After you select your race and class you must distribute ability points. They consist of Strength, Stamina, Agility, Dexterity, Wisdom, Intelligence, and Charisma. Each new character is allotted around thirty points to spend on increasing these skills. Depending on your race and class you will only be able to add ability points to certain abilities. Next you must chose a face and gender, there is about six or more faces to chose from depending on your gender. Gender plays almost no role in the game, its completely personal preference. Although I will admit if you play as a female character the male characters will treat you differently.

The world of Norrath has a total of sixteen factions, or gods, to worship and, depending upon your race you will only be able to worship certain gods. They include: Tunare, Prexus, Rodcet Nife, Rallos Zek, Innoruk, Angonistic (you don’t worship a god), The Tribunal, Quellious, Bertoxxulous, Bristlebane, Brell Serils, Karana, Mithaniel Marr, Caiz Thule, Brell, and Erollisi. The god you select plays a strong role in what factions you will join and how npc players treat you. Most necromancers will worship Innoruk, one of the eviler gods, therefore shopkeepers won’t sell to them.

The sprawling world of Everquest is viewed through either Glide or Direct3D rendering, software mode is not supported. Crafted from the ground up, Everquest’s engine reveals its strengths and weaknesses, but for the most part strengths. Everquest is viewed via first person or several 3rd person camera angles, accommodating every type of player. I prefer the first person method due to the ease of movement. Upon entering the world of Everquest you immediately noticed the magnificent colored lighting and detailed player models. Most of the character artwork is done in such amazing detail it astonishes the player immediately. After wandering through the cities you begin to pickup on all the detail of the textures, it really does create a realistic sense of being in a fantasy town. Detail is even put into the armor you are wearing; if you put on a set of chainmale everyone else will see you decorated in your fine new armor. Wandering the immensely vast plains of Norrath can be very overwhelming at times. The designers set out to create landmarks to be admired and gawked at, something a group of people could admire together… One of my favorite effects in EQ is the rising and setting of the sun, when dusk hits, it is a truly beautiful sight. Along with great effects in the sky there are also weather effects, my favorite being the thunderstorm. In order to create dazzling spell effects, the creators of EQ enlisted the help of a brilliant computer graphics designer. The results of this outside help are rather spectacular. I haven’t seen one spell effect that was done poorly. Take for example the healing spell, hundreds of spiked blue orbs emulate from your body as you cast the spell and then gracefully disappear. There are only a few faults found in Everquest regarding graphics. They all deal with texture overlapping and jagged polygons. Most graphics buffs will not be disappointed with Everquest’s graphical offerings, however, don’t expect something as mind-blowing as Unreal or Half Life.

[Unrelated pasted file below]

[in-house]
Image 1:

Getting around the vast lands of Norrath can become quite a chore, there is no recall spell like the one found in Ultima Online. Rather, the players must run to each destination or take a public ferry service. Therefore, the player must be comfortable with the controls. Most of the controlling is done through the keyboard with the occasional mouse click to target monsters and npcs. Just about everything you could want in the game is accessible right at your finger tips. That is; common commands, special skills, player inventory, stats, and spells. Most of the controls are re-mappable, however, personally I had no problems with the ones 989/Verant setup. One nice feature the designers added was an auto run feature, so players could get a break on those long treks between cities. Casting spells is also done via icons on a "hot button" spell list where the caster can memorize up to eight spells at a time. For the most part anyone who is comfortable playing a first person shooter or an adventure game will feel comfortable with the controls.